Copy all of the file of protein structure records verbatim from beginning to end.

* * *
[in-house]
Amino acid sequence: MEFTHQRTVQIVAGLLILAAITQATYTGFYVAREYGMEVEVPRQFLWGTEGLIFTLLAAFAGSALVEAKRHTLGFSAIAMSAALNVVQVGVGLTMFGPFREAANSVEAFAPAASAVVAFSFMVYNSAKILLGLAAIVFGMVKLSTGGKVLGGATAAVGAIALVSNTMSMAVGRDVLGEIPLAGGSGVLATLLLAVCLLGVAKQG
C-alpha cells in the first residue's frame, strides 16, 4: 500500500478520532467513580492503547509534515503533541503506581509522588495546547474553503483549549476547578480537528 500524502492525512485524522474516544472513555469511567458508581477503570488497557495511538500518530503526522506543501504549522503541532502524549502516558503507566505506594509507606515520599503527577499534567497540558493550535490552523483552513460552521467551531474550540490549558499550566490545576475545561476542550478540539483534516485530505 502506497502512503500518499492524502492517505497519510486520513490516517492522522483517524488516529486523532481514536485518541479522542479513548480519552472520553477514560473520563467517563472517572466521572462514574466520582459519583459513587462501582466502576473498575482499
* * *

[in-house]
Amino acid sequence: MEFTHQRTVQIVAGLLILAAITQATYTGFYVAREYGMEVEVPRQFLWGTEGLIFTLLAAFAGSALVEAKRHTLGFSAIAMSAALNVVQVGVGLTMFGPFREAANSVEAFAPAASAVVAFSFMVYNSAKILLGLAAIVFGMVKLSTGGKVLGGATAAVGAIALVSNTMSMAVGRDVLGEIPLAGGSGVLATLLLAVCLLGVAKQG
C-alpha cells in the first residue's frame, strides 16, 4: 500500500478520532467513580492503547509534515503533541503506581509522588495546547474553503483549549476547578480537528 500524502492525512485524522474516544472513555469511567458508581477503570488497557495511538500518530503526522506543501504549522503541532502524549502516558503507566505506594509507606515520599503527577499534567497540558493550535490552523483552513460552521467551531474550540490549558499550566490545576475545561476542550478540539483534516485530505 502506497502512503500518499492524502492517505497519510486520513490516517492522522483517524488516529486523532481514536485518541479522542479513548480519552472520553477514560473520563467517563472517572466521572462514574466520582459519583459513587462501582466502576473498575482499